PORTLAND, Maine — A citizens group is appealing a decision by the Maine Public Utilities Commission on “smart meters” to the Maine Supreme Judicial Court.
The Maine Coalition to Stop Smart Meters believes the PUC’s decision does not do enough to protect the public’s health and safety. It wants the high court to roll back installation of smart meters, or at least strip the costs of opting out of the meters.
Last year, the PUC heard arguments from the coalition and Central Maine Power Co. on the safety of the electric meters. The PUC had initially dismissed a complaint alleging health risks associated with the technology, brought by coalition leader Ed Friedman, but was ordered by the state supreme court to reopen the complaint to investigate the safety of CMP’s meters.
In December 2014, after hearing from both parties, the commission ruled that smart meters “[do] not present a credible threat to the health and safety of CMP’s customers.”
Friedman and 16 other members of the coalition have appealed that decision to the state’s highest court.
At issue is a debate over the safety of radiofrequency radiation emitted by the meters and claims that radiofrequency radiation can cause everything from nausea to cancer.
In 2009, CMP received $96 million as part of the federal stimulus act to install advanced metering in its service area.
Smart meters record home electricity usage at intervals throughout the day and send that data remotely back to the central system. Unlike traditional meters, smart meters allow two-way communication between the meter and utility.
“Smart meters give a much more detailed picture of energy use,” CMP spokeswoman Gail Rice said. “They allow for more precise information on when the load on the grid is greatest and allows the utility to optimize its needs better.”
She also said customers can download their own usage data to figure out ways to lower their electricity use and utility bills.
CMP has installed more than 610,000 smart meters – covering nearly all of its customers – in the western half of the state.
But activists point to a body of scientific research questioning the safety of radiofrequency radiation.
Just one day before the appellants filed their brief with the court, a group of 190 scientists wrote a letter to the United Nations and World Health Organization calling for better public protection from electromagnetic field exposure.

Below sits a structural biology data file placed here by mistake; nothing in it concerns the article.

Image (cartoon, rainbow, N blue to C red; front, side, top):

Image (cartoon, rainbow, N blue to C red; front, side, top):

“Based upon peer-reviewed, published research, we have serious concerns regarding the ubiquitous and increasing exposure to [electromagnetic fields] generated by electric and wireless devices,” the letter states. “These include … radiofrequency radiation emitting devices, such as cellular and cordless phones and their base stations, Wi-Fi, broadcast antennas, [and] smart meters.”
The complainants find grounds for their claim in the nature of what they call a “very unusual” decision by the PUC.
They cite that in the 31-page opinion written by Commissioner David Littell, the commission does acknowledge a health risk from radiofrequency emitted by smart meters.
“If limited [radiofrequency] … exposure is recommended by a doctor or medical practitioners, I would address the pending complaint by allowing for a … meter in a no transmit mode or turned off at the ratepayer’s primary residence at no cost,” the opinion states.
That opinion is not reflected in the PUC’s final ruling of no threat to health and safety. Complainants believe this means the commission has not ensured safety for all ratepayers, “as is their statutory mandate,” they said in a press release.
“A PUC opinion can be vacated when it is unreasonable, unjust or unlawful in light of the record,” Friedman added Monday.
The PUC’s final decision reflected negotiation between Littell and Commissioner Mark Vannoy, because former Chairman Tom Welch recused himself from the proceeding based on his prior employment with CMP.
“We had two different opinions,” Littell said in an interview Thursday. “We both agreed [the meters] were safe but had different approaches on how to approach safety.”
Littell wrote that the studies by the World Health Organization that find cancer risk associated with radiofrequency radiation emitted by personal devices focus on cellphones and cordless phones, and that exposure to radiation from smart meters is “markedly less.”
But he believed CMP should turn meters off on request as part of the “safety determination” process.
It costs $40 to opt out of the smart meter program, and then $12 per month to maintain utility service.
Littell added he believes his opinion was “the best resolution of case for ratepayers, public and the utility.”
With the appeal approaching, CMP’s Rice said “we are simply waiting to see what happens next … we feel the resolution and opt-out fees are fair.”
“There is very little consistent scientific evidence showing harm,” she added.
Friedman called the radiofrequency radiation from devices such as smart meters and cellphones “the biggest toxic threat of our time.”
“We need to be using the precautionary principle,” said Kathleen McGee, another appellant in the case. “We don’t need to prove causation when looking at a strong correlation.”
“We know enough given the thousands of studies that show this link,” Friedman added. “The [PUC] failed to fulfill its legislative mandate to assure safety.”
The PUC has until June 30 to file its response.